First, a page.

Heart of the City Phase One

The first phase of the project was renovating the east elements of Peace Plaza and surrounding areas. It was unveiled in 2023. The public realm project features universal design elements, sustainability, integrated art and improved infrastructure, and a catenary lighting system. This project has stimulated new and expanded commercial and retail businesses in the area and won the 2023 Award of Excellence in Urban Design from the American Society of Landscape Architects.


Riverfront Reimagined

Following the City-initiated Downtown Waterfront S.E. Small Area Plan study for a 60+ acre area located southeast of the downtown core on the Zumbro River, the City continues to lead the development of this future mixed-use neighborhood. In July 2022, the City adopted the Riverfront Small Area Plan as a preferred plan to guide the transformation of the redevelopment area as a “front door” to the river and gateway into downtown. In August of 2022, the City was awarded a federal RAISE grant in the amount of $19.9 million for the Sixth Street Bridge crossing the Zumbro River. In 2023, the project advanced with site preparation, flood wall work with the Army Corps of Engineers, further design, and interim site activation.


Bryk on Broadway

The Bryk on Broadway, located at 401 Broadway Ave N., opened in 2023 as a mixed-use, mixed-income apartment building with rents at varying levels. Of the 180 workforce housing apartments, 54 units are income-restricted to those at or below 50% of the area median income, 18 units to those at or below 60% of the area median income, and 108 units to those at or below 80% of the area median income.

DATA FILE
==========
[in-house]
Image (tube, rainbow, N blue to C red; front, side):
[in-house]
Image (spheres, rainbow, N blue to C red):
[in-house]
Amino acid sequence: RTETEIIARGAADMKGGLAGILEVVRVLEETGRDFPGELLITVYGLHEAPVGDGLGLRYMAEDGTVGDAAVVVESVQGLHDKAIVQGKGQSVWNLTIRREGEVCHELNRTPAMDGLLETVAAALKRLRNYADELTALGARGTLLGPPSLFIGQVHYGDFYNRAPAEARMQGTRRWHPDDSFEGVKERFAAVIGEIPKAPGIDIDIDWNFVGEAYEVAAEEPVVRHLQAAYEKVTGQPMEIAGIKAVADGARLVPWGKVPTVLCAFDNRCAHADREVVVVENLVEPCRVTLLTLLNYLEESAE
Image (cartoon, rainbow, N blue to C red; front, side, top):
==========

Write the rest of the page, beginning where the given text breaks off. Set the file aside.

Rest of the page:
Soldiers Field Memorial Park

Soldiers Field Memorial Park contains 150 acres of memorials and active recreation space, including 4,000 feet of riverfront. The northern portion lies within the DMC Development District and is featured in the Development Plan as an anchor of the Education and Recreation Subdistrict.

This project also maximizes connections to other key features of the DMC Development District: Discovery Walk will connect the Heart of the City to Soldiers Field and the Sixth Street Bridge will link Soldiers Field to the downtown waterfront area.

The public realm improvements within the district feature an aquatics center, with lap pool, bathhouse, wading pool, and outdoor seating, new basketball courts, a trail through the northeast corner of the park, a nature play area, community shelter, public restrooms, and new public parking. Importantly, this project combines federal, State, City, and DMC funding sources to reinvigorate this public asset. Project improvements are well underway and construction is expected to conclude in 2024.